- If the child spent an equal number of days with each parent, the IRS will treat the child as the qualifying child of the parent with the higher adjusted gross income (AGI) for the year.
IRS Publication 501 provides several examples that might help you determine who can claim a child as a dependent in unique situations.
Pro tip: If you have any questions about eligibility, make sure you contact a qualified tax professional. Free online tax prep software from a company like H&R Block will also help walk you through these important tax breaks.
If a person is not your qualifying child, they may be your qualifying relative if they meet these four tests:
1. Not a Qualifying Child
A child is not a qualifying relative if they are your qualifying child or the qualifying child of another person.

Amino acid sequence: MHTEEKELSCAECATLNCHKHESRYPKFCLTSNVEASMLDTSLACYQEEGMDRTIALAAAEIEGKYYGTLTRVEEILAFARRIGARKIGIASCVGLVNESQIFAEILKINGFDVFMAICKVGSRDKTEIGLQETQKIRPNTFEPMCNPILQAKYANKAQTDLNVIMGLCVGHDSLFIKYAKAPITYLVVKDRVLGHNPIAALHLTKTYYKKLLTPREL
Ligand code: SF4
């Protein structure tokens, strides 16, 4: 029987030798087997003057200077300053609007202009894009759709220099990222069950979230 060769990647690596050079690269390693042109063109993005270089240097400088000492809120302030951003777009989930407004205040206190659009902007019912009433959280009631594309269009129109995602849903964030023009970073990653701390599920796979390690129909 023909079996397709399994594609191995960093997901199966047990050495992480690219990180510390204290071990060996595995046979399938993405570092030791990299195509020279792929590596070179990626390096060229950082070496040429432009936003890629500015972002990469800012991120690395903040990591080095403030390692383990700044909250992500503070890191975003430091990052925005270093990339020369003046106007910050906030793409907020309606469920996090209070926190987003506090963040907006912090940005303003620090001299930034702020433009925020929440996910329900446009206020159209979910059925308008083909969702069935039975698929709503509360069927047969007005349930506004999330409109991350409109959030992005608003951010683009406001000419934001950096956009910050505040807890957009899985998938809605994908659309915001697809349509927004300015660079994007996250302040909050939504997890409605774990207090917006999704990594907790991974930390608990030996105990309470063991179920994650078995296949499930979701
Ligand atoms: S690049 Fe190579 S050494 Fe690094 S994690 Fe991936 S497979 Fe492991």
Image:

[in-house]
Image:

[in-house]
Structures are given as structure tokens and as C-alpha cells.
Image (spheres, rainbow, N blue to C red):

2. Member of Household or Relationship
The person must live as a member of your household all year or be related to you. If at any time during the year the person was your spouse, they cannot be your qualifying relative.
If a person is related to you in any of the following ways, they do not have to live with you all year as a member of your household:
- Your child (biological or adopted child), stepchild, foster child or a descendant of any of these
- Your brother, sister, half-brother, half-sister, stepbrother, or stepsister
- Your father, mother, grandparent, or another direct ancestor
- Your stepfather or stepmother (foster parents don’t qualify)
- Your niece or nephew